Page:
The borders of Seller’s map reflect Reed’s survey of 1665, and generally support the colonial boundaries, as described in the first Massachusetts Charter of 1628: bounded by New York and the Hudson River in the west, a vague Great Lakes area in the north, and Long Island in the south. The relative position of the Hudson, Connecticut and Merrimack rivers are clearly shown, even if not entirely accurate. “It provides the first great cartographic improvement of the area since the William Wood map of 1634” (Burden).
The map is neatly divided into three distinct colonies: the Connecticut Colony, the Massachusetts Colony, and the Plymouth Colony, which formed what was then known as the New England Confederation. It also shows with great thoroughness, the territory as inhabited by the different local Indian tribes, as: The Waoranacks Country, the Monhegans Country, The Conecticuts Country, The Mowhawks Country, the Pequates Country, the Ninicrofts Country, the Wippanaps, the Naragansets, Pokanaket Country, and King Phillips Country.

A very decorative map, it includes a vignette of an Indian village, warriors, and native animals, in a style first seen in Blaeu’s ‘Nova Belgica’, 1635; the Royal Coat of Arms, and a dedicatory cartouche to Sir Robert Thomson; degress of latitude and longitude in the border; and a scale of miles to ’80’. This is an example of the third issue, with the addition of new hills just to the lower left of the Royal Arms.

John Seller

Seller (c1632-1697) is one of the most important figures in English map-publishing. He was a mapmaker, chartmaker, compass-maker and mathematical instrument-maker; an author, mapseller, bookseller and globeseller and cartographic publisher, successively Hydrographer to Charles II and James II.

Although some examples of the first issue of his ‘Mapp of New England’ published separately with an accompanying text, it was destined for inclusion in his ‘Atlas Maritimus’, the first English sea-atlas, published to compete with the Dutch. Other separately issued maps of note, include his map of New Jersey (1674), and a pair of celestial charts, the Southern Hemisphere drawn by Sir Edmund Halley (1678).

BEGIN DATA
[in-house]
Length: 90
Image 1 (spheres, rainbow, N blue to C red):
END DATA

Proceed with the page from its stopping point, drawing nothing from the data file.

Perhaps Seller’s greatest legacy was a series of chart-books to be published under the heading ‘The English Pilot’, covering all the navigations of the world from 1671 to 1675. By the fifth volume, it seems that Seller’s ambitions had exceeded his resources; by 1677 Seller had taken William Fisher, John Thornton, John Colson and James Atkinson into partnership. The partnership was short-lived, and several titles passed out of Seller’s hands.

After the end of the partnership, Seller concentrated principally on pocket atlases, notably ‘A Book of Geography shewing all the Empires, Monarchies Kingdomes, Regions Dominions Principalities and Countries, in the Whole World’, re-issued as ‘The Atlas Minimus’, ‘Atlas Cælestis’ (1680), ‘Atlas Maritimus: or, a Sea-Atlas’ (1682), ‘A New Systeme Of Geography’ (1684), ‘Atlas Terrestris’ (1685) and ‘Anglia Contracta’ (1694).


The only other known examples of this issue, in America, are held at: the Huntington, JCB (in an example of the ‘Atlas Maritimus’), and the NYPL. One further example is found in the Pepys Library in Cambridge, England. No previous auction record for this issue, has been found; and only two examples of any issue, the first, to have sold at auction are recorded: in a composite example of the ‘Atlas Terrestris’ at Sotheby’s, November 7th, 1985, lot 59; and in the second Streeter sale, April 19th, 1967, lot 633.

Burden state 1: 7 examples known: Harvard; LOC (2 examples); University of Southern Maine; Yale (Streeter copy); 2 in private collections
State 2: no known examples
State 3: 4 examples known: Huntington; JCB; NYPL (Stokes); Pepys Library, Cambridge.


with the Old Print Shop, label on frame.


  1. Burden 473
  2. Stevens & Tree, 34.
  3. McCorkle 676.5

Image gallery